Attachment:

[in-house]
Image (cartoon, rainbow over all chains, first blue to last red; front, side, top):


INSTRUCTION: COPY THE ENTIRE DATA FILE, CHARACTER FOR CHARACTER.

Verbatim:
[in-house]
Image (cartoon, rainbow over all chains, first blue to last red; front, side, top):